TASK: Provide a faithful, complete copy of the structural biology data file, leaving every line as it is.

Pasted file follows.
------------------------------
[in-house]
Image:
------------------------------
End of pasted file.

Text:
[in-house]
Image: